Ransomware attacks continue to be in the news impacting various size businesses and industries. The US government reports that from 2019 through 2020, ransomware attacks cost companies over a billion dollars—and that number continues to climb in 2021.

What exactly is malware, and what can you do to prevent an attack? In the August Security Awareness News, we take a look at malware, including:

  • What is malware?
  • Preventing malware infections
  • What everyone needs to know about ransomware

What is Malware & What is it Capable of?
Short for malicious software, malware is an umbrella term covering various types of harmful computer programs and viruses used by cybercriminals for harmful purposes. While the intentions of cybercriminals vary, here are just a few examples of malware’s capabilities:

  • Stealing confidential data
    • Some forms of malware give attackers access to confidential data while other log keystrokes to steal passwords or monitor an individual’s computer.
  • Encrypting data
    • This is ransomware. Ransomeware is a dangerous infection that encrypts data or systems, locking out the victims until a ransom is paid.
  • Disrupting services
    • Unsecure smart devices allow attackers to create botnets—a collection of compromised internet-connected devices. Botnets are used to perform distributed denial-of-service (DDoS) attacks which flood internet services with more traffic than they can handle, causing widespread internet outages.

Preventing Malware Infections
Avoiding malware infections is easy, both at work and at home. Here are five ways to keep a healthy system:

  1. Don’t get phished
    • Most malware infections are spread through malicious links and attachments. Be sure to carefully inspect messages for warning signs like bad grammar, threatening language, a sense of urgency, and unexpected attachments.
  2. Beware of removable media
    • USB flash drives represent an easy attack vector. Cybercriminals hope to leverage someone’s curiosity by planting malicious flash drives around organizations and public areas. When the drive is plugged in, it can launch and install malware on the victim’s computer.
  3. Utilize security tools
    • All devices should have antivirus and anti-malware services running in the background.
  4. Protect your Internet of Things (IoT)
    • We live in a connected world of smart homes, smart electronics, and smart cars. This is known as the Internet of Things, and it ushers in major security and privacy concerns. Protect your IoT with strong passwords, and thoroughly research products before adding them to your network. Disable the internet connection of any devices that you don’t regularly use.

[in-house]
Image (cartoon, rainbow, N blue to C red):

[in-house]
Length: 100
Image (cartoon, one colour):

5. Stay updated
    • At work, follow organizational policies for software and firmware updates. At home, consider enabling automatic updates for computers and smart devices so you never miss a critical security patch.

What Everyone Needs to Know About Ransomware

  • Time is expensive
    • Beyond paying large sums of money for decryption keys (the code that reverses encryption after payout), downtime for any organization can be prohibitively expensive. Furthermore, most attacks give the victim a specific date by which the ransom must be paid. Miss that deadline and the data will be destroyed, leaked online, or the price of the ransom will be significantly increased.
  • More than money
    • Forget about financials for a second. Ransomware becomes life-threatening when it hits hospitals and creates emergency situations, and can also create emergency circumstances within critical infrastructures like fuel supplies and electrical grids. Such attacks highlight the dangerous impact ransomware has on society as a whole and not just organizations.
  • At your service
    • It’s scary to think about the sophistication of some ransomware variants. But what’s even scarier is that you don’t need to be a highly experienced coder to launch these attacks. Some ransomware authors sell their software—including instructions on how to use it—to other cybercriminals. This is called ransomware-as-a-service or RaaS. It’s essentially a subscription-based model that offers an easy payday for novice criminals hackers.
  • Paying is risky
    • Paying a ransom creates a series of problems:
      • There’s no guarantee the criminals will provide decryption keys.
      • Even when the keys are provided, unencrypting locked data can be an extremely slow process.
      • Paying the ransom makes the victim an even bigger target because the attackers know they’re likely to get paid for future attacks.
  • Data backups can’t solve everything
    • Restoring systems from data backups can be incredibly time-consuming, sometimes even slower than decryption keys. Worse yet, if the data backups haven’t been isolated from a network, sophisticated ransomware campaigns may attack the data backups first and then move on to the main networks.

You can avoid these problems by staying alert, thinking before clicking, and always following organizational policies. Need more information? We are here to help!